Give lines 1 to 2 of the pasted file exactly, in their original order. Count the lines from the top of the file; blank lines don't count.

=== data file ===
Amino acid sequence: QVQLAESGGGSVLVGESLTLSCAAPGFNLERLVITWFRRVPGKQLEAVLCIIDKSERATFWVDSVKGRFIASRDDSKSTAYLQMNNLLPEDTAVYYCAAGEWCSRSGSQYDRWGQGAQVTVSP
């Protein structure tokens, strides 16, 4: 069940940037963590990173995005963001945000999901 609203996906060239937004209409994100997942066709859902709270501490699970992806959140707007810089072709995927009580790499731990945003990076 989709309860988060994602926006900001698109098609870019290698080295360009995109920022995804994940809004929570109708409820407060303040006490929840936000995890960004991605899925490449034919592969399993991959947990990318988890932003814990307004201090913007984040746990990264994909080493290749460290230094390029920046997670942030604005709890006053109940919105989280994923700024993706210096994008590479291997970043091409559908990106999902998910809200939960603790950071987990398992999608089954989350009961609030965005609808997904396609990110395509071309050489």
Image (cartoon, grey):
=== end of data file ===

Amino acid sequence: QVQLAESGGGSVLVGESLTLSCAAPGFNLERLVITWFRRVPGKQLEAVLCIIDKSERATFWVDSVKGRFIASRDDSKSTAYLQMNNLLPEDTAVYYCAAGEWCSRSGSQYDRWGQGAQVTVSP
């Protein structure tokens, strides 16, 4: 069940940037963590990173995005963001945000999901 609203996906060239937004209409994100997942066709859902709270501490699970992806959140707007810089072709995927009580790499731990945003990076 989709309860988060994602926006900001698109098609870019290698080295360009995109920022995804994940809004929570109708409820407060303040006490929840936000995890960004991605899925490449034919592969399993991959947990990318988890932003814990307004201090913007984040746990990264994909080493290749460290230094390029920046997670942030604005709890006053109940919105989280994923700024993706210096994008590479291997970043091409559908990106999902998910809200939960603790950071987990398992999608089954989350009961609030965005609808997904396609990110395509071309050489």